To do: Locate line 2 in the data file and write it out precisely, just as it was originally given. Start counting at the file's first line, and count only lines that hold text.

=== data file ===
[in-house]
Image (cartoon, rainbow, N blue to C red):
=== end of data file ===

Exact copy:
Image (cartoon, rainbow, N blue to C red):